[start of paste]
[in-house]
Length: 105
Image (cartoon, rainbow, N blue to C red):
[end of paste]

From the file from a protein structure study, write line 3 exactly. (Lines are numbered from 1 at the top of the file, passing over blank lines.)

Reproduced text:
Image (cartoon, rainbow, N blue to C red):